Tuesday, July 24, 2012


As I may have mentioned before, one way I stay informed on things is by routinely searching "Penn State hockey" and related terms on Twitter. I thought Monday night would be an awful time to check up on that, for obvious reasons. I was dead wrong - in fact, check out some of what I found:

Those ten tweets were retweeted a combined 43 times as of this post's publication which, as many of you know, doesn't capture the full scope of their circulation.

Even though at least a couple of those people are clearly from outside the Penn State community - the guy with "UConn" in his name shouting out UConn-to-PSU transfer Jenna Welch, for example - early indications certainly seem to be that in a bizarre way, The Scandal might ultimately become a good thing for support of the hockey teams. Several other sports may also benefit from the effects, but possibly because of hockey's clean slate at the NCAA level, it seems as if the programs of Guy Gadowsky and Josh Brandwene will see a disproportionate share of the fallout lift. (Out of curiosity, I searched "Penn State basketball" and "Penn State wrestling" as well, and while there was much of the same, hockey's results were the most universally positive in my opinion. Which is great, especially given the concerns I aired out last month.)

I do want to temper this enthusiasm with an admonishment, though. One of my least favorite things about hockey culture is the routine disdain for other sports. Basketball and soccer are usually the popular targets, but for obvious reasons with respect to Penn State, football is now in the crosshairs as well. You can see some bitterness towards football beneath the surface of a few of the tweets above, and I deliberately left out others that took a more direct shot.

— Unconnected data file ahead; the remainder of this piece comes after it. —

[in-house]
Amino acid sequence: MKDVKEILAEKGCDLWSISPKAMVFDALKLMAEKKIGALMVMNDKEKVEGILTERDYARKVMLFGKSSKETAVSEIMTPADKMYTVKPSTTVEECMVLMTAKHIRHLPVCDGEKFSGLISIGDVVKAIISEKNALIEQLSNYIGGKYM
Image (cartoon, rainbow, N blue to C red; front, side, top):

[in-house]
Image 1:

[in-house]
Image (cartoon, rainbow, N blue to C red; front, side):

If you're a Penn Stater reading this, I hope you realize that this is the time to rally around the entire university, football included. Of course I want hockey to be fantastically supported, but I want it to be because people love the sport and believe in the name on the front of the jersey, the student-athletes representing it, and the coaches and administrators running things. I don't want it to be because people are abandoning the football program en masse and suddenly need new games to attend as a social ritual. Let's rebuild our university, and indeed our collective psyche, in the most productive and supportive way possible - by building up, not tearing down.